"With their evolutionary story of one of nature's most enduring and adaptable human pathogens, Mycobacterium tuberculosis, two eminent paleoepidemiologists lay to rest the misconception that our medical technology has and will continue to conquer infectious disease."--El Molto, Lakehead University, Ontario
Tuberculosis has plagued humans and animals for thousands of years. Though apparently in decline with the advent of effective chemotherapy and improved living conditions, sanitation, and diet during the first half of the 20th century, TB has reawakened in both developed and developing countries, particularly among susceptible populations with immunodeficiency disorders. These authors offer a detailed study of the history of this persistent and important infectious disease, covering its etiology, epidemiology, and pathogenesis.
Beginning with a discussion of the epidemiology, clinical signs and symptoms of tuberculosis, and skeletal changes associated with it, Roberts and Buikstra examine evidence for the disease through time in both human and nonhuman populations. They devote particular attention to the paleopathological evidence of tuberculosis throughout human history found in both Old and New World archaeological sites. With a review of the hard evidence of tuberculosis from the archaeological record (skeletons showing evidence of the disease), they focus on how and why the disease developed in antiquity, its evolutionary routes, and how past populations treated it. The authors augment clinical data with evidence from a variety of sources including art and documentary materials. A concluding chapter addresses the current reemergent status of the disease and its future prospects.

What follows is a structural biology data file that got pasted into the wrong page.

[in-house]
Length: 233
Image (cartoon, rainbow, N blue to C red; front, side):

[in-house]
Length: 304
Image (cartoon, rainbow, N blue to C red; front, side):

The authors reveal that tuberculosis has repeatedly increased over time as societies have become more complex socially, economically, and politically. Their detailed presentation of the clinical data on tuberculosis and its many causative factors brings together information from a wealth of sources worldwide and mounts an argument rich in paleoepidemiological and historical data that challenges accepted dogma about the conquest of TB by modern technology. Their account will be of interest to anthropologists, archaeologists, biologists, and sociologists as well as clinicians and medical historians.
Charlotte A. Roberts is a professor of archaeology at the University of Durham. Jane Buikstra is Leslie Spier Distinguished Professor of Anthropology at the University of New Mexico.
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"Roberts and Buikstra have compiled what is for now the definitive work on the subject." Journal of the History of Medicine
"An excellent book on a topic of more than academic interest."
"A useful adjunct to health workers, those studying the history and prehistory of disease, and anyone interested in updating their own knowledge of what has been, continues to be, and is, increasingly so, one of the major health problems of modern times." Anthropological Science
"A lot of hard academic grind has gone into this compilation, and it will remain a major reference work for decades to come. The bibliography is excellent and the glossary useful for the general reader." Antiquity
"A useful addition to the literature . . . Of value both to graduate students and to professionals."
"A key reference work for those interested in tuberculosis in ancient skeletons." American Journal of Physical Anthropology
"an important addition to the field."
"A significant volume, presenting a fairly complete review of knowledge on many areas of TB."
"This important book is especially, but not only, of interest for palaeopathologist eyes, as it is full of interesting and useful information for medical historians and the general public." International Journal of Osteoarchaeology